Nature vs Nurture
Many scientists think that people behave as they do according to genetic dispositions or even “animal instincts”; this is known as the “nature” theory of human behaviour. Even though scientists have known for decades that traits such as eye and hair colour are determined by specific genes encoded in each human cell, the nature theory takes things a step further, to say that most abstract traits such as intelligence, personality, aggression and sexual orientation are also encoded in an individuals DNA. An example of this would be the highly controversial idea of a “gay gene”, pointing to a genetic component to sexual orientation. In a 1993 research study, the term “gay gene” gained popular usage, as in this study it is believed that in a particular segment of the X chromosome, which was said to be more prevalent in homosexual men, which reported that homosexuality could be attributed to this section of DNA. This study became so controversial because eugenically minded religious extremists even envisaged abortion as a means of decreasing the incidence to the gene. However this study has since been disputed, although geneticists have succeeded in identifying genes that play some role in influencing human behaviour, they have been much less successful in shedding light on the complexities of human personalities.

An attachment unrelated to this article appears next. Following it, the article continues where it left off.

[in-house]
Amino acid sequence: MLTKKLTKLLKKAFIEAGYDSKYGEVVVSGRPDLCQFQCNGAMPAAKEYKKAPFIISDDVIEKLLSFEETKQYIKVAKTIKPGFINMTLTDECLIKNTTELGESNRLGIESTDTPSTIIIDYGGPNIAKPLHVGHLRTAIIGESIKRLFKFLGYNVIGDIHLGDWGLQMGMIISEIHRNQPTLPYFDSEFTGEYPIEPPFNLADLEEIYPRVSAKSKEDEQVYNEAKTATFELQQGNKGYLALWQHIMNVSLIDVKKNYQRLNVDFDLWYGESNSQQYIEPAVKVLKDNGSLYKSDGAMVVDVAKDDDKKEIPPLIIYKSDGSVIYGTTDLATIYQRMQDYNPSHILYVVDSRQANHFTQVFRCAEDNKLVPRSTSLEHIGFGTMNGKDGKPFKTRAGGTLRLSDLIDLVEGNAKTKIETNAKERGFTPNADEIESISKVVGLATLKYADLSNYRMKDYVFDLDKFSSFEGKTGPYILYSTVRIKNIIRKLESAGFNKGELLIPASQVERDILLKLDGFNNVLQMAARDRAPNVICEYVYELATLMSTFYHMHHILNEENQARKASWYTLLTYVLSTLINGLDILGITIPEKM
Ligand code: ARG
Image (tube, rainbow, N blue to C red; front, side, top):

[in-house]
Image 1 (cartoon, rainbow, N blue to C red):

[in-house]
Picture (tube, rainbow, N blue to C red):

Another nature argument takes place in the “twin’s studies”. Twin studies became popular in the 1970s and 80s using both identical twins and adopted children. One well known study is known as the “Colorado Adoption Project”. One of the things that researchers found is that kids raised by their biological parents tend to be similar to their parents in